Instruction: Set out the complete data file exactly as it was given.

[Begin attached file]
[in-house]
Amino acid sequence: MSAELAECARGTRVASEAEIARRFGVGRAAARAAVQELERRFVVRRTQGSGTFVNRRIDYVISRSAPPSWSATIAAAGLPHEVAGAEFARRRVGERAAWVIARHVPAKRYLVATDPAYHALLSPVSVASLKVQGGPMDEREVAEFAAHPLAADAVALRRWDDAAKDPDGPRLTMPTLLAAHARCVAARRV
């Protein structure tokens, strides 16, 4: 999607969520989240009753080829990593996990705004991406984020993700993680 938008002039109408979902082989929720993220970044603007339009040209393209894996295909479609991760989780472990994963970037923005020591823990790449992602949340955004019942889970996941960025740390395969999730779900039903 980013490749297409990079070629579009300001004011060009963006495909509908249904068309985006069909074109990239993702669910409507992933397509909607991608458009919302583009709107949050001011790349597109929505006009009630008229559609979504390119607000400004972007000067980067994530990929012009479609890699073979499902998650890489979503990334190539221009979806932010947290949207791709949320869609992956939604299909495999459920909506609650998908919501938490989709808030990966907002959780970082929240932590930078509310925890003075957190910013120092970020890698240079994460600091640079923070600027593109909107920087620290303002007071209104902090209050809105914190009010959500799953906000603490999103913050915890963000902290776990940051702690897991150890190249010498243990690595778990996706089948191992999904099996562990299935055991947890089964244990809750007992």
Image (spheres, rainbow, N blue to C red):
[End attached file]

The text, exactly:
[in-house]
Amino acid sequence: MSAELAECARGTRVASEAEIARRFGVGRAAARAAVQELERRFVVRRTQGSGTFVNRRIDYVISRSAPPSWSATIAAAGLPHEVAGAEFARRRVGERAAWVIARHVPAKRYLVATDPAYHALLSPVSVASLKVQGGPMDEREVAEFAAHPLAADAVALRRWDDAAKDPDGPRLTMPTLLAAHARCVAARRV
């Protein structure tokens, strides 16, 4: 999607969520989240009753080829990593996990705004991406984020993700993680 938008002039109408979902082989929720993220970044603007339009040209393209894996295909479609991760989780472990994963970037923005020591823990790449992602949340955004019942889970996941960025740390395969999730779900039903 980013490749297409990079070629579009300001004011060009963006495909509908249904068309985006069909074109990239993702669910409507992933397509909607991608458009919302583009709107949050001011790349597109929505006009009630008229559609979504390119607000400004972007000067980067994530990929012009479609890699073979499902998650890489979503990334190539221009979806932010947290949207791709949320869609992956939604299909495999459920909506609650998908919501938490989709808030990966907002959780970082929240932590930078509310925890003075957190910013120092970020890698240079994460600091640079923070600027593109909107920087620290303002007071209104902090209050809105914190009010959500799953906000603490999103913050915890963000902290776990940051702690897991150890190249010498243990690595778990996706089948191992999904099996562990299935055991947890089964244990809750007992």
Image (spheres, rainbow, N blue to C red):